Yes and I think you’ll see that throughout the region, as we already have in Hunt Valley. Greenfield development is becoming less of an option, especially when municipalities prohibit the extension of infrastructure. As a result, ’80s era office space is a prime candidate for redevelopment.

Local real estate executive Mitch Weber, of Heffner & Weber, is again starting to talk about developing the much-discussed Aerotropolis, which would rise around BWI Thurgood Marshall Airport. What are your thoughts on that topic?

First, I would say that the location of this property, adjacent to the MARC station, between Route 170 and Baltimore-Washington Parkway, is the best site in the state for transit-oriented development, given the road network and access to BWI Marshall.

Building across the Amtrak right-of-way and connecting the property on both sides of the tracks provides tremendous opportunity for exciting new commercial and residential development. I also think it would be important to redevelop the MARC station. Right now, we don’t have many options, aside from the candy and soda machines. I think we can do something similar to what we’ve done in the airport, with a food court and other concessions, in the train station.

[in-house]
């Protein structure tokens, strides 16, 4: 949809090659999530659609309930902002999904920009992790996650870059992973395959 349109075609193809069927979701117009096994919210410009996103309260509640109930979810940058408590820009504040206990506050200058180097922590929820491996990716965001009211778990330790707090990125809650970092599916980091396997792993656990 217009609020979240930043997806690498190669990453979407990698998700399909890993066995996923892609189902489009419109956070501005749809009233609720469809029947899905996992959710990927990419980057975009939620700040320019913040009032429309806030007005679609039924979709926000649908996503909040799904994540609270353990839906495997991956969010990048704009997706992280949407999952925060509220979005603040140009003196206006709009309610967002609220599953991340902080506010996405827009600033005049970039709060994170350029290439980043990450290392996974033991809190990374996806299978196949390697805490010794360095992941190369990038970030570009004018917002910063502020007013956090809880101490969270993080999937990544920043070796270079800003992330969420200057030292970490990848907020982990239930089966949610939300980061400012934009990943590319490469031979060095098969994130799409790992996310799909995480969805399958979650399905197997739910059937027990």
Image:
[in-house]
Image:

What about the office market in general, with more people working at home?

There are two schools of thought here. Collaboration occurs best when people are working together, face to face, having conversations. That’s why when Marissa Meyer took over as CEO of Yahoo, she required everyone to work in the office.

Still, we are seeing more people working at home. Also, workers today often have only a desk as a work station, as opposed to an office or cubicle, so there has been a reduction in square feet per employee.

What was your biggest takeaway from working with the founder of Merritt Properties, Leroy Merritt?

The reason that he had such phenomenal success was the way he connected with others. It seemed that everybody was his friend. It was his relationships with people that mattered to him, rather the bottom line. That philosophy — valuing people — was most important at Merritt in 1972, and it’s true today, even though we lost Leroy in 2010.

What can Gov. Larry Hogan’s administration do to improve Maryland’s image within the business world?

I think they’re off to a good start. Many of the questions that arose in the Augustine Report are being addressed, and the Department of Business and Economic Development, under its new secretary, Mike Gill, will have an expanded role, coordinating with every department on matters important to business development.